## Convertible accounting: New US GAAP inflates earnings

Changes to convertible bond accounting under US GAAP will mean higher reported debt but, paradoxically, a lower (and sometimes zero) interest expense. In our view, the resulting increase in earnings is artificial, fails to faithfully represent the cost of convertible financing and will not benefit investors.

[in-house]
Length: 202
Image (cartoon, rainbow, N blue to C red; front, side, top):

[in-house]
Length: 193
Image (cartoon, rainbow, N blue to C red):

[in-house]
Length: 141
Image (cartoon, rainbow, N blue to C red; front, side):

The recent surge in convertible issuance, and the use of so-called convertible bond hedges, may have more to do with favourable accounting than favourable economics. We use the recent convertible issue by Twitter to illustrate the revised US GAAP and compare this with the more realistic approach under IFRS.